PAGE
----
Tumour infiltrating lymphocytes correlate with improved survival in patients with oesophageal adenocarcinoma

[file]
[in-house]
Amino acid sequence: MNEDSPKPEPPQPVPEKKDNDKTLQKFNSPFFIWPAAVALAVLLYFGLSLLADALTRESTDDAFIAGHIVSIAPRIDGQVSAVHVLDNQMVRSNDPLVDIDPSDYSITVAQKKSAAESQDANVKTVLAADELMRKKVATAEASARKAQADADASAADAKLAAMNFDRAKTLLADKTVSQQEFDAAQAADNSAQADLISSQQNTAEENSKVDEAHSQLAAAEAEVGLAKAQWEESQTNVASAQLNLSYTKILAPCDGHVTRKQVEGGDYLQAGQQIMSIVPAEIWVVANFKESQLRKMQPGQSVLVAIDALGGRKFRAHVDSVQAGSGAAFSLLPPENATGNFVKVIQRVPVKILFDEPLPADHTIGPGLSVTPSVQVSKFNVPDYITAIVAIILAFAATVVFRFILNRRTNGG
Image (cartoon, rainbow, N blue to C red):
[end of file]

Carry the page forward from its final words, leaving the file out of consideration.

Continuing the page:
Oesophageal adenocarcinoma (OAC) is increasingly common in the west, and survival remains poor at 10–15 % at 5 years. Immune responses are increasingly implicated as a determining factor of tumour progression. The ability of lymphocytes to recognise tumour antigens provides a mechanism for a host immune attack against cancer providing a potential treatment strategy. Tumour infiltrating lymphocytes (TILs: CD3+, CD4+, CD8+ and FOXp3+) were assessed by immunohistochemistry using tissue microarrays in a contemporary and homogeneous cohort of OAC patients (n = 128) undergoing curative treatment. Multivariate analysis identified three independent prognostic factors for improved cancer-specific survival (CSS): increased CD8+ TILs (p = 0.003), completeness of resection (p < 0.0001) and lower pathological N stage (p < 0.0001). Independent prognostic factors for favourable disease-free survival included surgery-only treatment (p = 0.015), completeness of resection (p = 0.001), increased CD8+ TILs (p < 0.0001) and reduced pathological N stage (p < 0.0001). Higher levels of TILs in the pathological specimen were associated with significant pathological response to neoadjuvant chemotherapy (NAC). On multivariate analysis increased levels of CD4+ (p = 0.017) and CD8+ TILs (p = 0.005) were associated with significant local tumour regression and lymph node downstaging, respectively. Our results establish an association of TILs and survival in OAC, as seen in other solid tumours, and identify particular TIL subsets that are present at higher levels in patients who responded to NAC compared to non-responders. These findings highlight potential therapeutic strategies in EAC based on utilising the host immunological response and highlight the immune responses biomarker potential.